Tart cherry juice has gained fame in recent years as a way to help aid muscle recovery after strenuous workouts. The high content of polyphenolic compounds in tart cherry juice has been proposed to lessen muscle damage, reduce levels of pain, and improve recovery in athletes because of its antioxidant and anti-inflammatory effects.

RW Knudsen’s just Tart Cherry Juice is our top pick for best muscle recovery because of its simple ingredients and clean labeling. This juice is made from only filtered water and organic red tart cherry juice from concentrate. One eight-ounce serving of this juice is high in naturally occurring sugar, 26 grams per serving. Use this juice in moderation and as a tool to help recovery after strenuous exercise.

Price at time of publication: $10 per bottle ($0.30 per ounce)

Serving size: 8 oz (240 mL) | Calories: 130 | Total sugar: 26 g (0 g added sugar)

Best Cranberry: Lakewood Pure Cranberry

Lakewood Pure Cranberry Juice

Courtesy of Amazon

Pros
  • All glass container (BPA/BPS/DEHP Free)

  • Organic and non-GMO

  • Just one ingredient

Cons
  • May not be suitable for those who dislike tart flavor

Lakewood Organic keeps their juice simple with one ingredient: organic cranberry juice from fresh-pressed cranberries, not from concentrate. Cranberry juice is tasty on its own or mixed with seltzer for a simple mocktail or afternoon pick-me-up.

Cranberry juice is well known for its proposed ability to help prevent urinary tract infections. The data to support this claim is mixed, and it is unclear whether or not cranberry juice can help as well as or more than antibiotics. Like most other juices, it is best to consume cranberry juice in moderation to prevent excess consumption of sugars.

Price at time of publication: $14 per bottle ($0.44 per ounce)

Serving size: 8 oz (240 mL) | Calories: 80 | Total sugar: 11 g (0 g added sugar)

Best Powder: Garden of Life Raw Organic Perfect Food Green Superfood

4.7
Garden of Life Raw Organic Perfect Food Green Superfood Juiced Greens Powder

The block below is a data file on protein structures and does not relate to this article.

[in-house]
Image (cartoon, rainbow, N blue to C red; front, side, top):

Amazon

Pros
  • Organic and non-GMO

  • Contains probiotics

  • 40 nutrient-dense greens, sprouts, fruits & veggies

Cons
  • More expensive

  • May not be suitable for those who prefer a sweeter taste

On the go or traveling with no refrigerator around? Green powders are a great option for those on the run with no supermarkets or juice spots in sight who still want to get a nice dose of vitamins and minerals. Green powders aren't the sweetest tasting option, which is why many brands add Stevia to their powder to increase palatability.

Garden of Life’s Raw Organic Perfect Food Green Superfood Juiced Greens Powder is free of any sweeteners and the best overall choice. Featuring 34 raw, organically grown, non-GMO greens, Garden of Life dries their greens at the farm within an hour of harvesting, locking in all of their powerful nutrients.

Price at time of publication: $31 per container ($4.13 per ounce)

Serving size: 1 scoop (6.9 g) | Calories: 25 | Total sugar: 1 g (0 g added sugar)

How We Selected

When choosing the best juices, we looked at a variety of products with majority minimal to 0 grams added sugar and simple ingredients. In addition, we chose products from brands committed to quality and sustainability. Taste, price, and convenience were also considered when choosing the best juices.

What to Look for in a Juice

Sugar:

All juice will have some sugar on the nutrition label simply because sugar is naturally present in fruits and vegetables. Green juices without fruits will be the lowest sugar options, and juices made from concentrate will be higher in sugar. It is important to note that both added sugars and sugars from fruit juice or juice concentrate affect blood sugar levels similarly and therefore should be considered in the context of your dietary needs. When a fruit is juiced, it is stripped of its fiber; this can cause blood sugar spikes, which is particularly important for those with diabetes to monitor, and in general it should be consumed in moderation.